Present day Garhwal is inhabited by people from many ethnic back grounds. They can be divided into the following groups or castes:
The Rajputs of Garhwal are believed to be of Aryan origin. They came as waves of settlers either from the south or from the adjoining tracts of Himachal Pradesh, where they had come from the Hindu Kush through Kashmir. Later Rajput settlers to Garhwal aIso came from Rajasthan to escape from the invasions of the Muslims/Mughals. These people fought and subdued the Kols or Koltas or Doms, who were living in Garhwal at that time. Initially, the Rajputs took to settled agriculture as they had brought new skills with them. Later on, they took to other professions. They also joined the armies of various kings of Garhwal in large numbers. At present, the Rajputs can be found in most professions-agriculture, business and government service. Many Garhwali Rajputs are in the Armed Forces of India, particularly in the Army.
The Brahmins of Garhwal are primarily considered to be the descen- dants of the priests who migrated from the plains or the Brahmins who came to visit the religious places in Garhwal. As a matter of fact, those Brahmins, too, are settled in Garhwal, who came during the migration of the Rajputs or even later.
Both, the Rajputs and Brahmins penetrated into the valleys of Garhwal to escape the rule of the Muslim invaders in the plains of India. There they founded villages or colonies, most of which were named after the places from where they had migrated. Some examples are:
- Ajmer patti and Udaipur patti, and
- Telangi after Telangana.
In other cases, the people still retained their surnames or named themselves after the place from where they had came. Some examples are:
- Karnatak and Telang after Mysore (Karnataka), and
- Rawat and Joshi of Rajasthan and Maharashtra.
The tribals of Garhwal live in the upper, e.g. northern tracts. Some are of mongoloid origin and have a nomadic or semi-nomadic way of life. However, now-a-days, most of these people have taken to a settled life and are engaged in animal husbandry, agriculture, trade and other occupations. Important tribes of Garhwal are listed below:
- Jaunsaris of Jaunsar-Bawar
- Jadhs of Uttarkashi
- Marchas of Chamoli (Mana and Niti valleys)
- Van Gujars
4. The Bhotias
The Bhotias are businessmen and born mountaineers. The Bhotias of Uttarakhand claim descent from the Rajputs, who came from Kumaon and Garhwal and settled in the higher valleys.The Bhotias are to be found all along the Tibetan border from Nepal in the east to Uttarkashi in the west.
Those living close to the Mana pass near Badrinath and those by the Niti pass are known as Tolchas and Marchas, respectively. The people living by the Untadhura pass are Joharis and Saukas. To the south of Johar are the Bhotias or Jethora Bhotias, who are cultivators.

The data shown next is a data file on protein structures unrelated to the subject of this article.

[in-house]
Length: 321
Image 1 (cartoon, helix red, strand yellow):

Bhotias are worshippers of the peaks of Nanda Devi, Pancha Chuli etc. and those who are inclined towards Hinduism worship Gabla ( the Weather God), Runiya and Suniya gods, protect their animals from disease, and Sidhuwa and Bidhuwa gods, who help them find lost animals.
The Jadhs are a tribal community inhabiting the cold dry tracts of Uttarkashi District. There are two main villages – Nelang and Jadhang — both situated at an elevation of about 3,400 m. The entire community used to migrate from these high altitude villages in the winter, some families staying back at a settlement called Dunda, while the rest of them moved onto the forests around Rishikesh.
This community has close social and economic ties with the people living in the adjoining tracts of Himachal Pradesh and other parts of Uttarkashi. Most Jadhs considered themselves to belong to a superior caste and the task of weaving was left to the Kols, who were considered to be of a lower caste. The Jadhs have typical Mongoloid features and speak a Tibetan dialect. They also speak Garhwali and Pahari.
Jaunsar – Bawar forms the northern half of Dehradun District and the people living there are called the Jaunsaries. They are probably of very pure Aryan stock. This area had links with the ancient cultural waves, which swept over the northern part of India, particularly during the Vedic, Mahayan, Kushan and Gupta periods of ancient Indian history.
The people follow many of the old customs even today, distinct from their compatriots elsewhere in Garhwal, Kumaon and Himachal Pradesh. Even the art and architecture has its unique features, with profound use of woodwork. The most important festival of the Jaunsaries is the Magh Mela. During festivals, they wear the Thalka or Lohiya, which is a long coat.
Thangel folds like tight-fitting trousers. Digwa or the cap is the traditional Jaunsari head dress made of woolen cloth. Women wear the Ghagra, Kurti and Dhoti and are fond of ornaments.
The Jaunsarie still practice polyandry, which are said to be the conse- quence of their having had a close association with the legendary Pandava brothers of the Mahabharata, who had a common wife, Draupadi.
7. The Van Gujars
This is a tribe of nomadic Muslims, who are believed to have come to Garhwal as the dowry of a princess of Sirmaur. This tribe extends along the Himalaya from Kashmir, Himachal Pradesh to Garhwal. They retain many of the cultural practices of the time before they were converted to Islam. They are purely vegetarian, living basically on milk based products to supplement their consumption of cereals. They practice transhumance, migrating in the summer to the high mountain meadows, with their herds of buffaloes and cows, and withdrawing to the forests of the low lying tracks in the winters. Much of the milk supply of the hills during the pilgrimage season is provided by them. They are well-known for their command over forest lore.
All tribal communities have tremendous knowledge of traditional medicine systems and herbs.